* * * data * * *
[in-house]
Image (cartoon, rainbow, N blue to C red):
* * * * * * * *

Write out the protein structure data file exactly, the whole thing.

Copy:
[in-house]
Image (cartoon, rainbow, N blue to C red):